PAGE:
When I moved to Lewis County, it was easy to fall in love with the sense of community, the outdoor activities, even the drastic change in seasons. It was harder to get used to how people sometimes give directions to new places. Friends would be overly descriptive about the hills, turns, trees, and other landmarks. A bonus challenge? Sometimes the landmarks would be buildings that had since been torn down or remodeled.
When I’m going to a new place, I want an address and clear directions from Google Maps. Not an adventure.
A website domain – the unique address for your company’s website – should provide the same adventure-free experience as driving to a friend’s house. Be welcoming. Easy to find. A place that encourages people to visit, again and again. As one of the most defining elements of your brand, there can be a lot of pressure when choosing a domain.
If it makes sense to do so, use the company name as the domain. You can also consider keywords or geographic identifiers to clearly showcase who you are. Just remember: SEO matters, but people matter more. Make it easy to spell, and avoid made up words or slang. You want people to remember your website when they’re searching for it later.
It would be fun to have a website called www.themostdeliciousfrenchfriesinnorthernnewyork.com, but jebsrestaurant.com is much easier to type ;)
Words matter, especially when the real estate of a website domain is so precious. People forget about hyphens and don’t know if they should type out numbers or spell them. Search engines forget about stop words – small words like the, a, of, to, up… Your domain should be easy to include on printed materials, share on social media, and slip into a conversation with a potential customer. Shine the spotlight on a few important words.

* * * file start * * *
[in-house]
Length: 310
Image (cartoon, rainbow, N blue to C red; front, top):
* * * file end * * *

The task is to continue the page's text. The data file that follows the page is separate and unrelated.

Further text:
IMHO, acronyms can be confusing and hard to remember, UNLESS you are a part of that company or organization and use it all the time. OAN, acronyms get even more confusing when you notice that some organizations add the stop words and others do not. TBH, IRL using entire words is more memorable. MTFBWY.
There are a lot of websites out there! Look up possible domain names to make sure your top choices are still available. It is also valuable to check common typos and alternative spellings. If the perfect URL is already taken, it may be possible to purchase it from the current owner, but expect to pay a high premium. If the business name is not available, consider some descriptive words that might promote what you do.
Before you register a domain, check to make sure that same name is available on any social media platforms you intend to use. Choose something that works consistently. You want to avoid having www.coolwebsite.com and then someone searches that same phrase on Facebook, only to find… someone else's company! NOT cool. Research all the places you might use your domain, and be consistent on all of the platforms.
Your business name plus a good ol’ .com may suffice. But it may be beneficial to have multiple domains, all pointing to the same website. Maybe your established (and unchangeable) business name is frequently misspelled. Maybe you want to use www.pineapple.pizza (a real option!) on marketing materials, but know that customers will end up looking for a more common top-level domain (TLD). This is the end of the domain name. You’ve seen .com, .org, .gov, and others.
The nonprofit Internet Corporation for Assigned Names and Numbers (also a real thing!) manages an extensive list of other options. So, if you want pineapple.pizza, you should also buy pineapplepizza.com.
You might think candystore.biz is a good name because it is not taken. However, if someone else has candystore.com, you are probably just going to drive traffic to them. AVOID competing with your domain name by researching other variations.